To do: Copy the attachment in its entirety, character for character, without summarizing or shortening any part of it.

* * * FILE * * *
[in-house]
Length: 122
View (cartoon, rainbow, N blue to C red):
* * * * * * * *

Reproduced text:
[in-house]
Length: 122
View (cartoon, rainbow, N blue to C red):